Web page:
(Sergio Bologna, 1980)
Here are some of my thoughts on the reading for week 2 of the Bingham University Autonomia reading group.
The Personal is Political
The pamphlet “Lets spit on Hegel” by an Autonomist feminist group Rivolta Femminile is interesting and I’d pretty much agree with the analysis put forward by the Bingham group. Although having no familiarity with Hegel at all the article made some interesting points, namely:
- A rejection of contemporaneous Marxist-Leninist politics which sought to subsume gender struggles within the class struggle, interpreted within Hegel’s Master-Slave dialectic.
- A very interesting critique of the liberal and juridical conception of equality.
- A recognition of the political nature of the everyday experiences of people.
This pamphlet marks some interesting changes within radical thought during this period. The rejection of Leninist politics, the emegrence of new spheres and forms of struggle marked an extremely productive and creative flowering of political antagonism towards which most of the old leftist forms of organising were simply no longer relevant. Whether these organisations moved down a parliamentary road (see next section on the PCI and PSI), dwindled to small isolated groups or disbanded such as Lotta Continua (see the Free Associations great article on Autonomia and Punk here), the changing nature of society, its class composition i.e. how work was organised, the aspirations of people, the political struggles which were apparent or deemed necessary – was changing beyond the abilities of the workerist organisations to adapt.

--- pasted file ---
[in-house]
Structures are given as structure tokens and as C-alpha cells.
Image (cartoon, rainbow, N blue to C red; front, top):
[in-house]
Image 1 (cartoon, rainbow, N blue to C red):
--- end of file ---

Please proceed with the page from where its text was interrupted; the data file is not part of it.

The langauage and co-ordinates of politics were changing. Politics moved into the social factory and struggles were fought over access to culture, the role of gender in society, and housing. The terrain of political conflict moved beyond production to social (re)production. These two markedly different forms of organisation with different lexicons of desire struggled to be legible to one another.
The underlying economic and political changes which laid the foundations for new forms of Leftist politics are made clearer through a reading of the two chapters from Steve Wright’s “Storming Heaven”. This book has been sitting on my bookshelf for about a year now and I was glad to finally get the incentive to start reading it (although it felt a little like cheating skipping to the final chapter).
Wright’s first chapter focuses on the major leftist organisations in 1950’s and 1960’s Italy, the Communist party (PCI) and the socialist party (PSI) and their gradual incorporation into the world of formal politics with both parties aiming for centre coalitions using the political capital gained by fighting the fascists during the endgame of the second world war and an economic boom brought about by productivity bargains and the Marshall plan. This economic boom occurred between 1948 and 1962 and exacerbated an uneven geographical development of Northern and Southern Italy. For a brief but interesting analysis of this see Ernest Dowson’s “The Italian Background” over at libcom. The increasingly dogmatic reformist politics of the PCI and the PSI led to many radical leftists leaving these groups and beginning to develop their own ideas. Particularly around the concept of class composition and attempting to develop a parallel sociology to that of bourgeois sociology and develop it as an analytical tool for radical social change. These militant workers enquiries revealed lots about changing forms of production and the increasing irrelevance of the unions and leftist parties to ordinary workers struggles.